Monday, May 29, 2023

The global energy transition is going to be an uphill task

We often read or hear that there is nothing to be done, that it is an impossible mission, because about 80% of the energy we consume comes from fossil fuels and new renewables (wind, photovoltaic and hydraulic) make up barely 10%, the rest There are biomass, conventional and others.

I mean, we don’t even try, they propose… I mean, let’s eliminate coal, gas and oil (a few generations) and whatever happens.

It will be a double play due to the climate crisis and its worst consequences: loss of agricultural and fishing productivity, extreme weather events, drought in some places, torrential rains in others, loss of ice, sea level rise, diseases, Migration, war… and if we survive it, an energy blackout, because the reserves of these fossil fuels last barely half a century at the current growth rate of their consumption…

Well, we have to try to do better.

The chart above is from IRENA, which has just released a preview of its WETO 2023 (World Energy Transition Outlook). This reflects the challenging work that humanity has to do in the coming decades. On the left, a breakdown of final energy consumption in 2020. On the right, the 2050 target.

We start with an economy based on the combustion of fossil fuels. Let’s look at the problem with its possible solutions:

1.- Fossil fuel should go from 66% to 12%. With this breakdown:

Oil: represents 36% of the energy. It is used in transportation and in some heating and industry. Transport should be electrified. On the ground, through renewable electricity in batteries and catenary. In sea and air, by derivatives of electrolytic hydrogen (eH2). In heating it must be eliminated by means of electric heat pumps and biomethane. In industry, you can continue to manufacture plastics and others. It is necessary to reduce its consumption by 4-5%. It will not be easy.

– Natural gas: represents 15% and should be reduced to 4-5% in 2050. Its main energy use is electricity and heat generation. In generation, this should be minimized to the maximum through the deployment of renewables and biomethane. In heating, by heat pump. In transportation, I shouldn’t even get started…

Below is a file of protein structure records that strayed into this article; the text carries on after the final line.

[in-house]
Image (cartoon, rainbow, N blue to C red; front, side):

– Coal: 13% which should almost disappear (2%). It is mainly used in the production of electricity which must be renewable. and in thermal and industrial uses where it should be replaced by eH2.

2.- Non-renewable electricity, 72% of 20% = 14%: it must be renewable or nuclear.

3.- The remaining changes are less aggressive: the biomass must be of the second generation: residues, not crops. Hydrogen should take advantage of surplus renewables. And we should deploy other renewables (geothermal, tidal, waves, etc.), in addition to the main renewables (water, wind, and sun). as well as storage and demand management measures.

The graph doesn’t say so, but it follows that there should be a tremendous performance of energy efficiency, as there will be about 10,000 million inhabitants in 2050 (2,000 more than now), each consuming a little more, so, thanks to that efficiency energy and transportation and electrification of heat, global consumption of final energy should fall from 417 eJ to 353 eJ.

Obviously, it won’t be easy. But the habitable conditions of the planet will depend on it. Investment needs to be multiplied and redirected. We must stop investing in fossil fuels and triple our investment in renewable energy… tomorrow.

Nation World News Desk
Nation World News Desk
Nation World News is the fastest emerging news website covering all the latest news, world’s top stories, science news entertainment sports cricket’s latest discoveries, new technology gadgets, politics news, and more.
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